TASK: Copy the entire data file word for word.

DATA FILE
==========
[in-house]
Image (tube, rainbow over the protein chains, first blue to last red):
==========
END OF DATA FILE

[in-house]
Image (tube, rainbow over the protein chains, first blue to last red):